Many of these problems could have been overcome, or at least alleviated, if Sardoria had provided better feedback. More and more, I’m convinced that this is a crucial element of successful interactive fiction, at least IF with puzzles in it. When a player gets close to the solution, the game should indicate that rather than giving a flat “nothing happens” sort of response until it gets the exact right set of commands. Moreover, if players think of an alternative solution, the game should be able to either let them utilize that solution or provide a convincing reason why they can’t. How can an author provide this level of feedback? It’s all about the testing. Get at least three testers for your game, with a sufficient variety of approaches between them. Then, watch for the things they try. If they get close to the answer, your game should provide some appropriately encouraging feedback.

This is especially important in a game like Sardoria, where many of the puzzles are one kind of combination lock or another, most of whose combinations verge on the totally arbitrary. This is a subject that deserves a more detailed treatment, but I’m unable to do that in a spoiler-free review, so all I can say is that designers must anticipate the majority of player responses and handle them appropriately. It’s a lot of work, yeah, but it can be the difference between exciting and exasperating for puzzly IF.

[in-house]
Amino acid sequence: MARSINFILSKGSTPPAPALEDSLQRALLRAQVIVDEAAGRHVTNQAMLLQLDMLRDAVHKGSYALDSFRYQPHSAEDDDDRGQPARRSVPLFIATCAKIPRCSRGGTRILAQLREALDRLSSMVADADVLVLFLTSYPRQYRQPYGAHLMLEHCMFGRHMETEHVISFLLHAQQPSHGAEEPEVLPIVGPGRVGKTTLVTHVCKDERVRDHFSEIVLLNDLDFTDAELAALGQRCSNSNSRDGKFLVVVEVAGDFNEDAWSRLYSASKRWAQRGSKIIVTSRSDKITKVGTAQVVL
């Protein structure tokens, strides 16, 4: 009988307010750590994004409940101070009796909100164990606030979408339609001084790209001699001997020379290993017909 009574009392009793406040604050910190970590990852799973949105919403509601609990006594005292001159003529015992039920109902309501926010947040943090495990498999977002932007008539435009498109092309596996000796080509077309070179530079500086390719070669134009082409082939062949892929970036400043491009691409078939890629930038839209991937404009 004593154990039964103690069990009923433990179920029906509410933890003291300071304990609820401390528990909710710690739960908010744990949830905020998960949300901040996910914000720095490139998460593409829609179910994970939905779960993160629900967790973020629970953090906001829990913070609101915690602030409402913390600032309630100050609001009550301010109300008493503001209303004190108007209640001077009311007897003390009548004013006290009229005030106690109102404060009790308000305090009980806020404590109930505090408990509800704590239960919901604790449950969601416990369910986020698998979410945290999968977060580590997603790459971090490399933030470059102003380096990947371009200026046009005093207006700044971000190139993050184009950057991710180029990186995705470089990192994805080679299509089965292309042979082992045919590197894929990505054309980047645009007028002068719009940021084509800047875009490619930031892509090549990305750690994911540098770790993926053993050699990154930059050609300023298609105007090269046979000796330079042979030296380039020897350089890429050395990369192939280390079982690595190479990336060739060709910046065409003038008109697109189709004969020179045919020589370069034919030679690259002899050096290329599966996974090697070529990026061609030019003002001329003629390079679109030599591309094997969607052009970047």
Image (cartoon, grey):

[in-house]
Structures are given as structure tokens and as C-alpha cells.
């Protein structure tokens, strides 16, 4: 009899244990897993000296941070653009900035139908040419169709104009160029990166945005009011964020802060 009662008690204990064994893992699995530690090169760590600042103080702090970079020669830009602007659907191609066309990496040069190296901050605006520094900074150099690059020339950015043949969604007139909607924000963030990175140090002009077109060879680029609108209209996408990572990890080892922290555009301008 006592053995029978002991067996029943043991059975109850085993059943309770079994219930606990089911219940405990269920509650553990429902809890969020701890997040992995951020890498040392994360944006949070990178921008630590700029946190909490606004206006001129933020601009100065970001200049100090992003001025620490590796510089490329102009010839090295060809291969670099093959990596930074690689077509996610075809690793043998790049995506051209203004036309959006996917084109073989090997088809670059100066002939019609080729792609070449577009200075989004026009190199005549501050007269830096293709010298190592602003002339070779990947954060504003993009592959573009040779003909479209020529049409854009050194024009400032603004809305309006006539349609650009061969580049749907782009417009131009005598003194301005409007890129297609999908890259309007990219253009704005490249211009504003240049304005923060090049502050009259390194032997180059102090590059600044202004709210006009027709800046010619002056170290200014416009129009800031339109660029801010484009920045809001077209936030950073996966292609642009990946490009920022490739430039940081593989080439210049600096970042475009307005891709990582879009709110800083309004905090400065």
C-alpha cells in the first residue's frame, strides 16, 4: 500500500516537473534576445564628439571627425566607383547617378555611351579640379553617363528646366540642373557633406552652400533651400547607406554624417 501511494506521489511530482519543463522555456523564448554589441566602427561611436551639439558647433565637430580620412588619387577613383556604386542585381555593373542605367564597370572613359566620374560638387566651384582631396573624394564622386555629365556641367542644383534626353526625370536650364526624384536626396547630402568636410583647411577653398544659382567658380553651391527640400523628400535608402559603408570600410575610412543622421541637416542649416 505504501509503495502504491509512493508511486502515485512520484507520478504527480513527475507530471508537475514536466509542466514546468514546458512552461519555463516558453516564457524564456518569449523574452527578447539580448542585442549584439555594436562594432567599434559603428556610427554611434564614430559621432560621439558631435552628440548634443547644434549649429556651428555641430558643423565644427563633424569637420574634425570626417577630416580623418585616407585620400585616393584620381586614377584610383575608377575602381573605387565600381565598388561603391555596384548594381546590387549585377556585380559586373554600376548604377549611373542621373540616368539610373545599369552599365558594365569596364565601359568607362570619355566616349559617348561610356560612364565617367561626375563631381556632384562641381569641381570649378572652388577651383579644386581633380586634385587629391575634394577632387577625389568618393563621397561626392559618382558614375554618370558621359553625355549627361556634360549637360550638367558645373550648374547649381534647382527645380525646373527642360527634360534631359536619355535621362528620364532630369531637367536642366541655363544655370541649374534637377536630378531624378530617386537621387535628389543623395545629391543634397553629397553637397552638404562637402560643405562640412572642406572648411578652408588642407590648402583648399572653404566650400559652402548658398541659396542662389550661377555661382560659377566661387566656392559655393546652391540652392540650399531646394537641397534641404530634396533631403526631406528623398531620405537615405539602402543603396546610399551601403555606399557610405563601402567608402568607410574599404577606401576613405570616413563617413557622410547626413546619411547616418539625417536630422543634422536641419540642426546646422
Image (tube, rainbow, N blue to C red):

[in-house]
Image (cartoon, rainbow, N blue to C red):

Rating: 5.3

[Postscript from 2021: In a subsequent discussion on rec.games.int-fiction, someone pointed out that in fact, it is possible to create a game transcript in Alan if you start the interpreter with a “-L” switch at the command prompt. Fair enough, but I stand by my response from that discussion:

“You know, somebody probably told me that last year, too. Unfortunately, I immediately forgot because this is such an amazingly clunky and unintuitive way to provide a game transcript. I want to type SCRIPT and have the game start logging a transcript to a file. I do not want to have to open up a DOS window and start the game with a special switch from the command prompt, especially since I will almost inevitably have the interpreter and the gamefile in different directories (something the Arun interpreter barely knows how to handle as it is) and will thus be forced to type out an entire path for one or the other of them.

Anyway, I amend my complaint from ‘Alan provides no scripting capability’ to ‘Alan’s scripting capability is far too hidden and inconvenient.'”]

Temple of Kaos by Peter Gambles [Comp03]

IFDB page: Temple of Kaos
Final placement: 15th place (of 30) in the 2003 Interactive Fiction Competition

Much to my dismay, Temple Of Kaos has nothing to do with Maxwell Smart or Agent 99. I mean, sure, getting permission from whoever owns the rights to the show would probably be an insurmountable hurdle, but legal problems aside, wouldn’t Get Smart make a fantastic IF milieu? The Shoe Phone, the Cone Of Silence… I can just picture it. This Temple of KAOS, however, isn’t the stronghold of a nefarious organization of evil spies whose efforts must be thwarted by the agents of CONTROL, but rather a bizarre otherworld, where rules of time, space, and spelling (it’s called KAOS for no discernible reason) don’t apply.